Plant reproductive allocation predicts herbivore dynamics across spatial and temporal scales

Tom E.X. Miller, Andrew J. Tyre, Svata M. Louda

Research output: Contribution to journalArticle

27 Scopus citations

Abstract

Life-history theory suggests that iteroparous plants should be flexible in their allocation of resources toward growth and reproduction. Such plasticity could have consequences for herbivores that prefer or specialize on vegetative versus reproductive structures. To test this prediction, we studied the response of the cactus bug (Narnia pallidicornis) to meristem allocation by tree cholla cactus (Opuntia imbricata). We evaluated the explanatory power of demographic models that incorporated variation in cactus relative reproductive effort (RRE; the proportion of meristems allocated toward reproduction). Field data provided strong support for a single model that denned herbivore fecundity as a time-varying, increasing function of host RRE. High-RRE plants were predicted to support larger insect populations, and this effect was strongest late in the season. Independent field data provided strong support for these qualitative predictions and suggested that plant allocation effects extend across temporal and spatial scales. Specifically, late-season insect abundance was positively associated with interannual changes in cactus RRE over 3 years. Spatial variation in insect abundance was correlated with variation in RRE among five cactus populations across New Mexico. We conclude that plant allocation can be a critical component of resource quality for insect herbivores and, thus, an important mechanism underlying variation in herbivore abundance across time and space.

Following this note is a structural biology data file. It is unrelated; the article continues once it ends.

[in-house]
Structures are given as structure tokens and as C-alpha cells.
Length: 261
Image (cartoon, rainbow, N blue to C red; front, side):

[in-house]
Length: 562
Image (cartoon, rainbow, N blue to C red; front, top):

Original languageEnglish (US)
Pages (from-to)608-616
Number of pages9
JournalAmerican Naturalist
Volume168
Issue number5
DOIs
StatePublished - Nov 2006

Keywords

  • Demographic model
  • Herbivory
  • Insect-plant interactions
  • Opuntia
  • Population dynamics
  • Resource allocation

ASJC Scopus subject areas

  • Ecology, Evolution, Behavior and Systematics

Fingerprint Dive into the research topics of 'Plant reproductive allocation predicts herbivore dynamics across spatial and temporal scales'. Together they form a unique fingerprint.

  • Cite this